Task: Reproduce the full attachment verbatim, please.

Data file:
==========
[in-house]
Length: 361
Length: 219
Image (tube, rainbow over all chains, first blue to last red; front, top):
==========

[in-house]
Length: 361
Length: 219
Image (tube, rainbow over all chains, first blue to last red; front, top):